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Abbas Kiarostami Abbas Kiarostami
ABBAS KIAROSTAMI IS MOST FAMOUS AS A FILM DIRECTOR, BUT HIS ARTISTIC OEUVRE EXTENDS FAR BEYOND THE SCREEN. HE HAS WORKED EXTENSIVELY IN BOTH VIDEO AND PHOTOGRAPHY, BUT MOST IMPORTANTLY HE IS A POET—LITERALLY IN THE SENSE OF HAVING PUBLISHED POETRY, FIGURATIVELY IN THAT A POETIC SENSIBILITY INFORMS ALL HIS WORK. IN HIS FILMS AND PHOTOGRAPHY, THIS SENSIBILITY IS OFTEN EXPRESSED THROUGH A SIMULTANEOUS REFLECTION UPON WHAT IS SEEN—THE IMAGE’S CONTENT—AND THE NATURE OF THE IMAGE ITSELF. THE CINEMATIC FRUITS OF THIS APPROACH ARE RICHLY EVIDENT IN KIAROSTAMI’S FILMS, BUT AUDIENCES IN BEIJING RECENTLY HAD A CHANCE TO APPRECIATE HIS LESSER SHOWN PHOTOGRAPHY WITH AN EXHIBITION OF STUNNING BLACK AND WHITE LANDSCAPES.

The exhibition fell roughly into two halves, with all the images in high contrast black and white. The first comprised a series of roads winding across otherwise untouched landscapes. The second was a collection of natural scenes covered in thick snow. But as is often the case with Kiarostami’s cinema, this basic description of seemingly prosaic content fails to convey the effect of his work’s rich multi-layering.

Kiarostami has long had an obsession with road trips, from the protracted meandering through Iran’s parched countryside in A Taste of Cherry (1997) to the endless dissections of Tehran in Ten (2002). But his filmic journeys are never straightforward linear progressions, nor do they ever reach any conclusive endpoint. Similarly, the roads in his photographs trace twisted paths across uneven, mountainous terrains, disappearing around bends or over the horizon before reaching any destination. The images capture the coarse surface of the rugged landscapes in fine detail, but it’s impossible to tell if the soil is covered in grass or is simply mottled clay baked dry by the sun. The absence of colour reduces everything to pure texture, tactile yet barren, despite the frequent presence of lone trees. One image features a structure lost in the undulating terrain; a small, crumbling edifice gradually being absorbed by the surrounding hills.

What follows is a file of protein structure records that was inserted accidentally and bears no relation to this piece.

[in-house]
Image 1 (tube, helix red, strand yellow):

Kiarostami creates a tension between the twisted forward momentum implied by the roads and the sense of quiet stasis emanating from the landscapes. But even the sense of movement in the roads feels strangely ossified; rather than holding the promise of progress and change, the deserted byways look more like markers of journeys past—transitory passages lost to time. The impression is bolstered by the fact that many are little more than dirt tracks. Even when they are modern blacktops, the absence of traffic makes them look like the abandoned remnants of a lost civilization rather than functioning highways.

Kiarostami’s snowscapes exude a similarly ghostly atmosphere, though unlike the road shots most contain obvious signs of life. In one image of a snow-covered mountain range, for example, a large flock of birds flies across the foreground. However, Kiarostami’s use of extreme high contrast reduces the birds to black holes winging their way across mountain-shaped expanses of white. The presence of life is expressed as a kind of absence—a shadow left the in wake of a fleeting moment. Many of the snowscapes have the same effect. The most striking example is a horse reduced to a featureless silhouette, struggling through thick snow.